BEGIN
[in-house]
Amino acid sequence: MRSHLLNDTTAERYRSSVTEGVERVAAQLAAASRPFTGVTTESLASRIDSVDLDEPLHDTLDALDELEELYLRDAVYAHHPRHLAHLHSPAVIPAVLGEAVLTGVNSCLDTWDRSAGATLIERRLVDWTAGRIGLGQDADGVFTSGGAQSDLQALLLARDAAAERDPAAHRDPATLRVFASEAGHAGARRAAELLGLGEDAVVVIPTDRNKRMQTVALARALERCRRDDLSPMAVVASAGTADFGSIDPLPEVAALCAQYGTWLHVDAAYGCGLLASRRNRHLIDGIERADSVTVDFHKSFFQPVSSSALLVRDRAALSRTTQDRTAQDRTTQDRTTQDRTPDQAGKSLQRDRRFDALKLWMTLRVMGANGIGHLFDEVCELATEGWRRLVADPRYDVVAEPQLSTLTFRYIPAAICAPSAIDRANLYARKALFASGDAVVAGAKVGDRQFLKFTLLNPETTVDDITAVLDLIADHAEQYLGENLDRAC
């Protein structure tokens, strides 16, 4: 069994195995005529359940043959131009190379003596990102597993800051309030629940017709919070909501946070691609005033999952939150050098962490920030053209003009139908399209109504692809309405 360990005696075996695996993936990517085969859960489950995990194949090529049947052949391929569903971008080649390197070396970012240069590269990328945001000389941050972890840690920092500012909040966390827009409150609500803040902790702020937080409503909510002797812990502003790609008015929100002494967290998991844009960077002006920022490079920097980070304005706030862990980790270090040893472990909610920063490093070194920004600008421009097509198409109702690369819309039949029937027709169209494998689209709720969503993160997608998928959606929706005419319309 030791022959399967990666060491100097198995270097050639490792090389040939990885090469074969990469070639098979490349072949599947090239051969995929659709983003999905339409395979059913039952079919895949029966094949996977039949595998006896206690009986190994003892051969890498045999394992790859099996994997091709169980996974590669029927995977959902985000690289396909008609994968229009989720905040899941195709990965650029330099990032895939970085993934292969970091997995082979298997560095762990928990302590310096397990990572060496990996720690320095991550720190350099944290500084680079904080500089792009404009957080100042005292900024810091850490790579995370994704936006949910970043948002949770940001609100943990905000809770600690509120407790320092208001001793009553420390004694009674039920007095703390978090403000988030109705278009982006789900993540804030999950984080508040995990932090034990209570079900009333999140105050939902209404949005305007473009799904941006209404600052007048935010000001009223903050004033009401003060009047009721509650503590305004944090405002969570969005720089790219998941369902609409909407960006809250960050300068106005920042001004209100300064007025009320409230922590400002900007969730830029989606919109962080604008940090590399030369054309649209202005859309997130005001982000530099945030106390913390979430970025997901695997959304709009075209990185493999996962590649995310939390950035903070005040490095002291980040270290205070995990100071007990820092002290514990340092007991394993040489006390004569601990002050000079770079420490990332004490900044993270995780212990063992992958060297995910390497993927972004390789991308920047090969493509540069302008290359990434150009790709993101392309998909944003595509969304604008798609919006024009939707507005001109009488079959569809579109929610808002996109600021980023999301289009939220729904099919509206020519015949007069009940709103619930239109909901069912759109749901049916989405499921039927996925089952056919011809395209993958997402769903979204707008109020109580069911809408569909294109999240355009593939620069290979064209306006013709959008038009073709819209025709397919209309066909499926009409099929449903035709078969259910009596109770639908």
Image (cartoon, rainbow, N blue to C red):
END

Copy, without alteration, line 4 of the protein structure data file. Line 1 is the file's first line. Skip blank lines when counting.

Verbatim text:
Image (cartoon, rainbow, N blue to C red):